Saturday, 10 April 2010

The Doctor is Back

Doctor Who is back on our screens, and this time it’s for a full series. We have a new Doctor, a new companion and a new Head Writer. Last week saw the introduction of the new companion, Amy Pond.

Previously, The Doctor had dropped into the new companion’s life and rushed them off their feet in a whirlwind adventure. Last week’s opening episode saw The Doctor land in Amy’s life when she was seven, he only stayed for short period but at the end of it promised to come back for her; but he never did that night, not until twelve years later. In the meantime Amy became fixated on The Doctor, “The Raggedy Doctor” as she called him.

This storyline struck a chord with me. As a child I was a dedicated fan of Doctor Who, it was a terrible day if I missed an episode, though my parents didn’t share my belief. I loved the adventure and other-worldliness of the stories, but most of all I loved the idea of The Doctor’s Tardis – the vessel he travelled time and space in.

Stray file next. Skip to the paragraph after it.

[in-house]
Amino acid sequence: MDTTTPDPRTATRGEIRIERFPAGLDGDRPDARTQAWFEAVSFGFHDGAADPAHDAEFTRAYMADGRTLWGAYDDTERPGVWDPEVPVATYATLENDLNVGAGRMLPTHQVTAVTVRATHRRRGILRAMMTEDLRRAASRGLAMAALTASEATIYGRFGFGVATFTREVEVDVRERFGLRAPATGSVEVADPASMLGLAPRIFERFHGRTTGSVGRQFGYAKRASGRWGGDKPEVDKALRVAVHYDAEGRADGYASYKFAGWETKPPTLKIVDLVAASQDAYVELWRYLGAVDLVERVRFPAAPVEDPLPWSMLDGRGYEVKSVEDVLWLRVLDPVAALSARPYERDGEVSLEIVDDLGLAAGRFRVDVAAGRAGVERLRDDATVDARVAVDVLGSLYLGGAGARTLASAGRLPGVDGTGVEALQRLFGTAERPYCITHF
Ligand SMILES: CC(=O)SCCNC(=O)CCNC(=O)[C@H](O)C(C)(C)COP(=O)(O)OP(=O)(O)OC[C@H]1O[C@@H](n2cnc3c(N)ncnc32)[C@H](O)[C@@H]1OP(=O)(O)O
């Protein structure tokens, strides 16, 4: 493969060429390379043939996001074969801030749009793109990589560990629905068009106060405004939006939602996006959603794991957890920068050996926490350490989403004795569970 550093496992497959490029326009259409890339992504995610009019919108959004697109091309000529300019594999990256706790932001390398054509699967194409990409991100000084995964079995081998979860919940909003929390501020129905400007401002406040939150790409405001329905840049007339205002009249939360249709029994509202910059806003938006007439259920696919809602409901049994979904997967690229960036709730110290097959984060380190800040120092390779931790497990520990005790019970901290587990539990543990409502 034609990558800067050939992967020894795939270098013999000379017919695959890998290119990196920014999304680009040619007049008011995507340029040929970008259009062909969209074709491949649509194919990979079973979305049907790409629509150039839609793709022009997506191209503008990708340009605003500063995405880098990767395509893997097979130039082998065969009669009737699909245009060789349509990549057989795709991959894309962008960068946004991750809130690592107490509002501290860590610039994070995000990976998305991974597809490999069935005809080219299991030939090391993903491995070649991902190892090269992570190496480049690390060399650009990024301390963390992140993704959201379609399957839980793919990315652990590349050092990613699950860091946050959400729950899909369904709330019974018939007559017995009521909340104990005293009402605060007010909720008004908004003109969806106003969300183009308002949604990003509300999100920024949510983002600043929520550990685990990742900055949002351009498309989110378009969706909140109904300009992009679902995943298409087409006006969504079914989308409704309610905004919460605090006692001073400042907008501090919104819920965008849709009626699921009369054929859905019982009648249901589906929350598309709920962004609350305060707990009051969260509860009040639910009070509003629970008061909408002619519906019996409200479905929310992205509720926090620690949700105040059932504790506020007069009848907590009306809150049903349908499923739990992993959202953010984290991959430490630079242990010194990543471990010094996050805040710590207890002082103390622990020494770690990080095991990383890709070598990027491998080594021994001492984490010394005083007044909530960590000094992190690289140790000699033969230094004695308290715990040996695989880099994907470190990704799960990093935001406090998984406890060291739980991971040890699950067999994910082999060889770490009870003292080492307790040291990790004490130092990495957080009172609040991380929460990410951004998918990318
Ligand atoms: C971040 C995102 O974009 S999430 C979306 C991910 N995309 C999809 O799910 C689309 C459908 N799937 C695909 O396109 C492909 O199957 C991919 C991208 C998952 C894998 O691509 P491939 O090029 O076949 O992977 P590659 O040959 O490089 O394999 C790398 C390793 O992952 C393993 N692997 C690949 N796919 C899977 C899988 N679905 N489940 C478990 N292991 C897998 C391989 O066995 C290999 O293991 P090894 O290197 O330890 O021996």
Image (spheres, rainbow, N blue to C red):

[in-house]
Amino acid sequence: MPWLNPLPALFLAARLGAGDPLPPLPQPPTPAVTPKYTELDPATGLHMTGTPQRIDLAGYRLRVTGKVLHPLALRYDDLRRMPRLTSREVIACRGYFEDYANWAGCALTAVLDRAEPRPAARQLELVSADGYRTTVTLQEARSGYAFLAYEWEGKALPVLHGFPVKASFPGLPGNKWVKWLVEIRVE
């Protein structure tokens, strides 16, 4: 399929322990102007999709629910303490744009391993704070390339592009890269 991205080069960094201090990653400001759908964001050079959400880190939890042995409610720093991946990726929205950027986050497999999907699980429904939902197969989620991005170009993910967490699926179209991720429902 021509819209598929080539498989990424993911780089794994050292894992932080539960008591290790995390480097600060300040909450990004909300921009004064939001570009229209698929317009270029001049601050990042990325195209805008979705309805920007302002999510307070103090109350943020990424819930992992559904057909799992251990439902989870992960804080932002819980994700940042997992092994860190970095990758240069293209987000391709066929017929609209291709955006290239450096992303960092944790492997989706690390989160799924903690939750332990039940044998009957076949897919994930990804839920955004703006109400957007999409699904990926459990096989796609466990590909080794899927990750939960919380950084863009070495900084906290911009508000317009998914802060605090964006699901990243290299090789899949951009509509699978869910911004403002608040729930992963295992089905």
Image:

As a child, I imaged the Tardis landing in my own back garden, me stepping inside and then taken away for a world of adventure. In a magical blue box being able to escape both my life and the place I lived, I hated them both. It was a cliché but I was a very unhappy child, I had few friends and hated the place I lived in, suburban Liverpool wasn’t kind on those it saw as “different”.

Watching Doctor Who certainly filled my childhood need for escape, but it was more than that. It was the quality of the stories that kept me watching, and keeps me enjoying it now with the new series. Then I watched the first episode of this series, The Eleventh Hour, and that childhood longing came back to me. In seven year old Amy’s desperation for escape and the sadness of when The Doctor never returned for her, for a moment, I remembered that feeling of longing for escape when I was a child.

But isn’t that what good drama does, allows us to see ourselves in the lives of its characters.


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